In all likelihood, your home is the place where you feel most comfortable and at ease in the whole world, and when you are lounging around on a lazy weekend, or preparing breakfast, you’re probably not too likely to think about whether or not the place is actually “healthy.”
Worryingly enough, though, homes are often more polluted than we might think – and it’s also the case that our living spaces can be emotionally “unhealthy” with regards to how they’ve been structured and managed.
Here are a few tips for making your home a healthier place.
- Pay special attention to the importance of air, water, and light
“Sick Building Syndrome,” is a name given to health issues that occur primarily due to air pollution within a home or other building – typically the result of things like mould spores, small quantities of gas released by various appliances, pet dander, and so on.
Ultimately, the accumulated air pollution in your home or any other indoor space can be quite devastating, particularly when taken over a longer period of time. But, unless you can specifically smell something funny in your home, there’s a good chance that you’ll overlook the possibility of poor air quality, altogether.
In addition to polluted air, it’s possible that you may be causing yourself health issues due to impure, or heavily treated, water in your home.
Finally, light is a significant factor for your psychological well-being, but also for more directly physical things such as your circadian rhythm. A brightly illuminated home, during the day, will make you feel better and will probably make you healthier, too.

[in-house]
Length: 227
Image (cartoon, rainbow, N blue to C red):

Look into things like air and water filters for your home, and change the water filter in your fridge and other appliances on a regular basis.
- De-clutter the place, and keep it properly organized
If your home is heavily cluttered and messy, it’s all but guaranteed that you won’t really feel very good about the time you spend there. At the very least, you can expect to feel more or less chronically distracted, and to have a vague and nagging sense of unease that isn’t likely to be very “healthy” for you.
In addition to these emotional and psychological consequences of having a cluttered and messy home, though, there’s also the fact that dust, mould, and other irritants are more likely to accumulate in a cluttered and messy environment.
De-clutter the place, and keep the property organised. You’ll likely feel better in a variety of ways.
- Try to keep each room focused on its main purpose
The rooms in our homes usually have a nominal purpose, but often end up becoming a bit more “open-ended” as time goes on.
There are, however, potential consequences to watching TV in your bedroom, surfing the web in your kitchen, and so on.
You might end up, for example, struggling to actually fall asleep at night if the associations you’ve created with your bedroom have more to do with being awake and alert them with entering a restful state of mind.
As a general rule, it’s likely to be a good idea to keep each room of your home focused on its main dedicated purpose.